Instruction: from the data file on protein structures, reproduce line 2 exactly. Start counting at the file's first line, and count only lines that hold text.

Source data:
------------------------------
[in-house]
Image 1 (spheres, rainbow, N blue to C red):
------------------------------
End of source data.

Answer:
Image 1 (spheres, rainbow, N blue to C red):